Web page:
(by Jerome Starkey, London’s TimesOnline.co.uk) KABUL — First he banned [alcohol] in his Kabul headquarters. Now the … commander of U.S. and Nato forces [in Afghanistan] has a new target in his war on terror: ice cream and fast food.
General Stanley McChrystal, the former commander of Special Forces in Iraq, who runs eight miles a day, eats one meal and sleeps for only four hours a night, has given orders to close the junk food concessions on Nato bases.
No longer will the fighter pilots at Bagram or Kandahar airfields be able to ring Pizza Hut to deliver. Once General McChrystal has his way, the Whoppers will be off the menu: Burger Kings at both locations are to close. Even the newly opened TGI Friday’s on the boardwalk in Kandahar is to close its doors once its contract expires.
“This is a war zone, not an amusement park,” wrote Command Sergeant-Major Michael T. Hall in a military blog.
The boardwalk area also has an Oakley sunglasses shop, a Subway sandwich bar and a Delice de France. The Harley-Davidson concession offering tax-free motorbikes delivered to soldiers’ homes is also going.
The decision is likely to appal the rear echelon soldiers stationed on bases the size of small cities but it has been welcomed by some of the frontline forces stuck in sparse combat outposts without fresh food or running water.
“From the moment [General] McChrystal and I arrived in Afghanistan last summer, we began looking for ways to do things more efficiently across the battlefield. This effort includes moving and reallocating resources to better accomplish our mission,” Sergeant-Major Hall wrote.
“What it comes down to is focus, and to using the resources we have in the most efficient and effective ways possible.
“Supplying non-essential luxuries to big bases like Bagram and Kandahar makes it harder to get essential items to combat outposts and forward operating bases, where troops who are in the fight each day need resupplying with ammunition, food and water.”
In September General McChrystal banned alcohol at his headquarters after complaining that too many staff had hangovers. Some troops dubbed it his “war on Stella”.
The changes are unlikely to have much effect on British troops. Camp Bastion has a Pizza Hut…. Alcohol is already banned.
Reprinted here for educational purposes only. May not be reproduced on other websites without permission from The Times Online. Visit the website at timesonline.co.uk.
2. a) Why did Gen. McChrystal ban alcohol at his Kabul headquarters in September?
b) Do you agree with the General’s ban? Explain your answer.
3. What closures has Gen. McChrystal ordered for Bagram and Kandahar bases?
4. For what reasons has he given these orders?
5. Sergeant-Major Hall explains the General’s decision further in his blog post with several points:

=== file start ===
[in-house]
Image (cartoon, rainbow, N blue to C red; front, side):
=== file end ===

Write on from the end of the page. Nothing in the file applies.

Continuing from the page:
a) Do Gen. McChrystal’s orders make more sense after reading more of Sgt.-Major Hall’s explanation? Explain your answer.
b) Do you agree with the General’s closures? Explain your answer.
General Stanley A. McChrystal is the current Commander, International Security Assistance Force (ISAF) and Commander, U.S. Forces Afghanistan (USFOR-A). He previously served as Director, Joint Staff from August 2008 to June 2009 and as Commander, Joint Special Operations Command from 2003 to 2008, where he was credited with the death of Abu Musab al-Zarqawi, leader of Al-Qaeda in Iraq… He assumed his current assignment on June 15, 2009. (from wikipedia)
The International Security Assistance Force (ISAF) is a NATO-led security mission in Afghanistan established by the United Nations Security Council in December 2001…
ISAF was initially charged with securing Kabul and surrounding areas from the Taliban, al Qaeda and factional warlords, so as to allow for the establishment of the Afghan Transitional Administration headed by Hamid Karzai. In October 2003, the UN Security Council authorized the expansion of the ISAF mission throughout Afghanistan, and ISAF subsequently expanded the mission in four main stages over the whole of the country. Since 2006, ISAF has been involved in more intensive combat operations in southern Afghanistan, a tendency which continued in 2007 and 2008. Attacks on ISAF in other parts of Afghanistan are also mounting.
As of January 2009 its troops number around 55,100. There are troops from 26 NATO, 10 partner and 2 non-NATO/non-partner countries. Troop contributors include Canada, the United States, the United Kingdom, Italy, France, Germany, the Netherlands, Belgium, Spain, Turkey, Poland and most members of the European Union and NATO also including Australia, New Zealand, Azerbaijan and Singapore. The intensity of the combat faced by contributing nations varies greatly, with the United States, United Kingdom and Canada sustaining substantial casualties in intensive combat operations. (from wikipedia)
Read about the ISAF at isaf.nato.int/en/about-isaf/leadership.
Read Sergeant-Major Michael Hall’s blog post on the closures at isaf.nato.int/en/the-afghan-hands-blog/commanders-blog/command-sgt.-maj.-michael-t.-hall-morale-welfare-and-recreation-mwr-facilities.html.